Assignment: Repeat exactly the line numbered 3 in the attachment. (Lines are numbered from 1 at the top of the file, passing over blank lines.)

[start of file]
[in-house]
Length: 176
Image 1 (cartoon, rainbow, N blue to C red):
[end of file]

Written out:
Image 1 (cartoon, rainbow, N blue to C red):